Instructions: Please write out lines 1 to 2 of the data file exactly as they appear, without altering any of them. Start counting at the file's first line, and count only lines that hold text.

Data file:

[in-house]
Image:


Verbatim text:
[in-house]
Image: